Europa: Criterion Collection
December 15, 2008
Most people associate Danish filmmaker Lars von Trier with the kitchen sink realism of Dogme films Breaking the Waves (1996) and Dancer in the Dark (2000), or the minimalist theatricality of Dogville (2003) and Manderlay (2005). However, before these films made him an international sensation, he was known for making very stylish films and this culminated with Europa (1991), which mixed black and white with colour and used rear-projection with surreal effect.
It is October 1945 and American Leopold Kessler (Barr) gets a job as a sleeping-car conductor for the Zentropa railways in Frankfurt, Germany. The specter of World War II still hangs heavy over the country and manifests itself in the hungry, desperate faces of people running alongside the train as it pulls out. It also manifests itself in the sight of two people hung by the neck with signs that read “werewolf” hanging off their bodies.
These shots set a tense, uneasy vibe early on that is reminiscent of a horror film, complete with a rear-projected German wasteland. Then, Von Trier plays with our expectations by messing around with the visuals. Kessler meets a mysterious woman named Katharina Hartmann (Sukowa) and with the black and white film stock she resembles a film noir femme fatale. However, Von Trier tweaks this by cutting to Kessler and he’s in colour while the background remains in black and white. It reminds one of the mixing of black and white and colour in Francis Ford Coppola’s Rumble Fish (1983) and Wim Wenders’ Wings of Desire (1987), only upping the ante to an even more extreme level.
Europa is a post-modern mish-mash of various cinematic influences and styles as the director himself said, “Of course I borrow, for a moment, Hitchcock’s camera and place it in a landscape by Tarkovsky, but something happens in that process.” After this exercise in stylistic excess, it is no surprise that Von Trier decided to strip it all down with Breaking the Waves. In retrospect, what else could he have done?
Giving Europa an even more dreamy/nightmarish atmosphere is the ominous voiceover narration/hypnosis of Max von Sydow as he intones in the film’s opening frames, “You will listen to my voice. . .On the count of ten, you will be in Europa.” Is the entire film nothing but some Franz Kafa-esque nightmare taking place in Kessler’s head? It is hard to say as Von Trier offers no easy answers, forcing the viewer to surrender to the powerful visuals of Europa. Along the way, he references all kinds of films – if not explicitly, then in terms of mood and atmosphere, creating a truly avant garde film noir.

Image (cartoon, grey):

The first disc starts off with an audio commentary by director Lars von Trier and producer Peter Aalbaek Jensen. They talk about the film’s troubled beginnings and the struggle to get financing. They laugh and joke like old friends and tell all kinds of filming anecdotes, pointing out some of the techniques used to get certain shots. This is quite an entertaining and engaging track.
“The Making of Europa” is a 39-minute documentary made in 1991. Europa was seen as the last film of a trilogy that included The Element of Crime (1984) and Epidemic (1987). Von Trier shows how many of the images in the film were inspired by ones out of children’s’ books. He shot the fore and backgrounds separately and then merged them together which took some time. There is footage of Von Trier shooting exteriors in Poland. This doc really conveys what an impressive and technically challenging film it was to make.
Also included is a theatrical trailer.
The second disc begins with “Trier’s Element,” an interview with the filmmaker, including footage from the set of Europa and the press conference at its premiere at the Cannes Film Festival in 1991. He comes across as very smart and shrewd about how he is perceived. Von Trier comes up with some real gems like, “I like to turn shooting into something of a happening.” This featurette provides fascinating insight into his philosophy and working methods.
“Anecdotes from Europa” is a short documentary about the film’s production with the cast and crew talking about the experience. Jean-Marc Barr talks about what drew him to the film. Producer Peter Jensen talks about the challenge to get the film financed. This is an excellent look at how Europa came together.
“From Dreyer to Von Trier” features director of photography Henning Bendisen talking about working early in his career with the legendary Carl Theodor Dreyer and his later, final films with Von Trier. He also talks about his approach to filmmaking.
“The Emotional Music Script” is an interview with composer Joachim Holbek and he talks about his approach to the score for Europa. He says that he was influenced by modern ballet. Von Trier asked him to work on the film and discusses what it was like to collaborate with the director.
“Lars von Trier – Anecdotes” features various crew members, who have worked with the director over the years, sharing stories about him. As someone states, “Lars likes people to think he’s an asshole.” He’s also described as “a bit of a provocateur” and “a pain in the ass” by another. Early on, he hated working with actors and hardly spoke to them but has mellowed somewhat over time. However, one gets the feeling that his tyrant image is just that.
“A Conversation with Lars von Trier” was done in 2005 about the Europe trilogy. He talks about when he first got the idea to do three films. This is a pretty in-depth conversation that runs over 40 minutes. It is evident that he has lost little of the bemused provocateur over the years.
Finally, there is “Europa: The Faecal Location,” which features amusing footage of the cast and crew’s hotel rooms while shooting on location in Poland and the things they did to amuse themselves when not filming.